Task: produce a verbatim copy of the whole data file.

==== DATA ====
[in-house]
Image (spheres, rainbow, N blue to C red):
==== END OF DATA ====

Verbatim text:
[in-house]
Image (spheres, rainbow, N blue to C red):